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Parliamentary questions
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15 March 2021
Answer given by Mr Breton
on behalf of the European Commission
Question reference: P-000147/2021

The SME strategy(1) supports small and medium-sized enterprises (SMEs) in the recovery’s priorities, i.e. the twin transition to sustainability and digitalisation, and aims to increase their resilience. The implementation of the strategy is fully ongoing and has proven its flexibility during the COVID-19 crisis. Several actions have been adapted or advanced, adjusting them to the new reality.

The Commission will continue to regularly review progress on the implementation of the strategy and could envisage a structured dialogue with the Parliament on SMEs in the context of the monitoring and reporting activities, such as the annual SME performance review(2).

The Commission is deploying a number of tools to reduce disproportionate burdens for SMEs. Impact assessments look at impacts on SMEs including applying the SME test(3) to ensure that no disproportionate burdens are being placed on them by new legislation. The Commission has also committed to implementing the ‘One-in One-out’ approach. Burdens introduced by proposals presented by the Commission should be offset by removing an equivalent existing burden in the same policy area. Moreover, revisions of legislations look systematically at ways to simplify and reduce burdens.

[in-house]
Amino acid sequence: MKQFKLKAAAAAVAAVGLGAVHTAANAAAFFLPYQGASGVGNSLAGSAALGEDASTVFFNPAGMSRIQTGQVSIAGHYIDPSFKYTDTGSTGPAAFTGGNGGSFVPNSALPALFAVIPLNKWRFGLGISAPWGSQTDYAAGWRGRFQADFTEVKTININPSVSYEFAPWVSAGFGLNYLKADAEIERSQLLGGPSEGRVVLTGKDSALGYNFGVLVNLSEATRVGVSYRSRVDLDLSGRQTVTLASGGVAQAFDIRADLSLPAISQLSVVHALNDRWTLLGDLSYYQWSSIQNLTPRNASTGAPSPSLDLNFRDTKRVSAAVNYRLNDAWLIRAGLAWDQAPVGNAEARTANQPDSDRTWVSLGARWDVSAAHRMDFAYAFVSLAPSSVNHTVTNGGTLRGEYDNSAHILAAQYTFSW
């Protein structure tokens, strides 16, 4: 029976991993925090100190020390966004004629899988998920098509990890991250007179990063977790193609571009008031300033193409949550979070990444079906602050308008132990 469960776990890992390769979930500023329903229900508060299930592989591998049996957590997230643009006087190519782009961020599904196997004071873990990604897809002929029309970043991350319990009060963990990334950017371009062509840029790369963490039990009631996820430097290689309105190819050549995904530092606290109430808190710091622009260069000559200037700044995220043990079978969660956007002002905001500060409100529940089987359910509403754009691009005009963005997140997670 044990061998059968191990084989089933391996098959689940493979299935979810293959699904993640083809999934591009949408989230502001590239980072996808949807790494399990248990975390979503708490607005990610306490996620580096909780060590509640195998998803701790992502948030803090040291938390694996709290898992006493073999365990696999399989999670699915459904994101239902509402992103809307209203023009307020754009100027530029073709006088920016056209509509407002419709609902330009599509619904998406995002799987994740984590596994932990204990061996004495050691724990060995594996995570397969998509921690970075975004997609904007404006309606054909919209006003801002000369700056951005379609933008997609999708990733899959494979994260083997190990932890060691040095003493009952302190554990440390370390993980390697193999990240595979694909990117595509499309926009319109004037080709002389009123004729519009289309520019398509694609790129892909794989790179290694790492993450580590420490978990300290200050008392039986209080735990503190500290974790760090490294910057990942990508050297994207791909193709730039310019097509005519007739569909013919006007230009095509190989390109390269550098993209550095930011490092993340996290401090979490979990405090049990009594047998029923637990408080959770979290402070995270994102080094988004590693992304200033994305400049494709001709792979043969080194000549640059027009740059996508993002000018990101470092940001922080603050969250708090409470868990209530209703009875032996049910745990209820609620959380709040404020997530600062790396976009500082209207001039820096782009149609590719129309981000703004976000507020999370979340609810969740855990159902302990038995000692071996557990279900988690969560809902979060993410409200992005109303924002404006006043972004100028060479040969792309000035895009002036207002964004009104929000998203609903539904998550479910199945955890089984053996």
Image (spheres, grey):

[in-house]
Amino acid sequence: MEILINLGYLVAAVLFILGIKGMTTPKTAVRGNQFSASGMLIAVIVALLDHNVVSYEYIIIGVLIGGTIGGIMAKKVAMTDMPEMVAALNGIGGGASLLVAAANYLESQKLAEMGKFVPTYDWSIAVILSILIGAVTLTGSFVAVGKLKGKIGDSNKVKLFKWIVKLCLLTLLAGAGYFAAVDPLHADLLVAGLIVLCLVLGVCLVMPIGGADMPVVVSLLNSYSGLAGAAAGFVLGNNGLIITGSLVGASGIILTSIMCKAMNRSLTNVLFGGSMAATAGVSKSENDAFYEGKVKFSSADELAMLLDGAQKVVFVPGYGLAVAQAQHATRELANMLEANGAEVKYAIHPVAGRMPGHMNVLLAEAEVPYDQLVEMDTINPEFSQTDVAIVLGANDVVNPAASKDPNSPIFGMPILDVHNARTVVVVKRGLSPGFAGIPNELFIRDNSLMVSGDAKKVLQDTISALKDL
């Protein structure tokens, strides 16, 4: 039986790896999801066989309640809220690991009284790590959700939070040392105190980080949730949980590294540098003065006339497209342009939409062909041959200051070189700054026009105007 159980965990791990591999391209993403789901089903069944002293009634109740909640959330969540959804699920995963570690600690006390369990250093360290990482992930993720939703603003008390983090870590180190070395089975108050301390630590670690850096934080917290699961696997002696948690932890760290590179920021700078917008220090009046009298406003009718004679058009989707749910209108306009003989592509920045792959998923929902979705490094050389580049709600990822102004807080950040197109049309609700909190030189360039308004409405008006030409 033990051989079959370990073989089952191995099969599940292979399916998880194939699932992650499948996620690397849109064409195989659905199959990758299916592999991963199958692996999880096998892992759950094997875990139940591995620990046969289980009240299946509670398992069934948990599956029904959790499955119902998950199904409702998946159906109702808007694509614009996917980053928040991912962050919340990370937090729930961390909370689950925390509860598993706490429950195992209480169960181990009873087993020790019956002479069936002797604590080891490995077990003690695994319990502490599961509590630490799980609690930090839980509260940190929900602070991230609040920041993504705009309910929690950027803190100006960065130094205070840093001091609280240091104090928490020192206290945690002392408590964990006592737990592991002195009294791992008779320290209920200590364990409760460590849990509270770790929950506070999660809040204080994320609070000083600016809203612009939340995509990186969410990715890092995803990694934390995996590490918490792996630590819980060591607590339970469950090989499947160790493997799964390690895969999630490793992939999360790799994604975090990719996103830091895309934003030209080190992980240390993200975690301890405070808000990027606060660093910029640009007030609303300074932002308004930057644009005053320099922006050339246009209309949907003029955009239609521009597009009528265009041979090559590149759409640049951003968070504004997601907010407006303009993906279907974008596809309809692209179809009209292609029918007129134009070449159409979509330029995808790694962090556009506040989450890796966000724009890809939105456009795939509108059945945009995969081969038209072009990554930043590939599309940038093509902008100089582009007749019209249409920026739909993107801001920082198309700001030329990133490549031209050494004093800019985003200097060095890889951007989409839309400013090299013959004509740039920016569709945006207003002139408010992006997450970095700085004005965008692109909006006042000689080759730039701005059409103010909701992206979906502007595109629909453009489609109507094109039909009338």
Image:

The specificities of the outermost regions are taken into account in 21 proposals for future EU programmes(4). They benefit from a specific additional allocation from the European Regional Development Fund to offset the additional costs incurred in these regions as a result of one or several of the permanent restraints to their development(5). This encompasses investment in infrastructures and equipment, among other (6).

(5)listed in Article 349 of the Treaty on the Functioning of the European Union
(6)Measures covering operating costs of their firms including expenditure on freight transport services, start-up aid for transport services as well as expenditure on operations linked to storage constraints, the excessive size and maintenance of production tools, and the lack of human capital in the local market.
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